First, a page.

Pattern: Simplicity's Special Occasion Dresses #4070
Fabric: 2 yds stretch woven
Coming up at the end of my week off I had another friend's wedding (the twin brother of the groom from our Alaska wedding), this time in beautiful Tahoe. Because I had some time off, I decided to experiment on a design I've wanted to do for a long time - a dress with a dip-dyed hem.
I had bought some beautiful cream-colored fabric for the project a while ago, but since this was for a wedding I knew that white wouldn't cut it. So I first started off by dying the fabric a light yellow. Or at least that was the intention... It came out looking like a banana cream pie, which is great for desserts but not my cup of tea when it comes to fashion. Some dye remover and a bleach bath later and I had it back down to a very light yellow. Perhaps a bit too white, but still much better than banana yellow.
For those of you who are curious, my preferred method for dying is by washing machine. I have never had an issue with the color sticking around for the next load, and I like how evenly it comes out in this process. I don't have any sort of big vat or large kitchen, so this method works great for me. I simply let the washer fill up with hot water, add the dye (pre-mixed with a cup of warm water if I remember), submerge the fabric, and let it soak. To get the fabric fully submerged I let the washer agitate for a moment. After it soaks, I let the washer run and then throw the fabric in the dryer. Pretty easy! I think this method would work less well if you were going for a very specific color, in which case you would probably need a method that allows you to monitor more closely.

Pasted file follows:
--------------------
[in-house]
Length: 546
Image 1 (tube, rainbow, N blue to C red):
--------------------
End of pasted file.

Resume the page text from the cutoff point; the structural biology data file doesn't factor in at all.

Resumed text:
For the hem, I cut the circle skirt and then prepared a warm dye bath in a bucket. It was difficult to dip a circle hem evenly, and it took some experimentation to get the intensity I wanted. After the initial dip I laid the dress out on a painter's tarp and sponged on some more color, but I think this just made more drips than color. I then decided to hand the skirt back in the dye bath, agitating the layers a bit every ten minutes. To preserve the bright color I squeezed the fabric out and threw it in the dryer rather than completely rinsing it out. This worked well in not washing the color out, but I don't know how the dress would hold up if I decide to wash it in the future.
Of course, there was one final layer of dying. As I was putting the finishing touches on the dress and pressing the stitching around the zipper, a giant burn mark began to form. Right on the bum. Where where it would look like you had an accident or sat in something nasty. I cussed so loudly that I woke the dog up, and ran into the laundry room for the bleach. While the rest of the fabric had put up to rigorous pressing, for some reason this part of the fabric reacted. Perhaps there was more bleach or dye in this area? Luckily, a little dabbing of bleach cleaned it right up, and the fibers looked unharmed. I rejoiced.
The end result is a little less edgy than my inspiration pictures, but fun and different than your average dress. It was perfect for a sunny summer wedding, and I would be excited to try dip-dying again.
The dress itself is once again Simplicity's Special Occasion Dresses #4070, the same pattern I used for the Alaska wedding dress but this time with a circle skirt. I love the shape of this pattern and how versatile it is depending on the fabric and details you choose. This fabric, which is a bit stiffer than the last one, had tons of body in the skirt, which I loved.
Because the fabric had some stretch to it, however, I did end up needing to take in the bodice a bit, and it was still a bit too big at the shoulders. This was surprising, as the last version of this dress in a non-stretch woven was a bit snug after a big meal. I also should have stay-stitched the waist of the circle skirt before dangling it in dye, as I'm pretty sure that stretched out a good deal as well.
Here are some shots from the wedding, including a rare one with my lovely photographer boyfriend and a fellow-party goer and lover of yellow.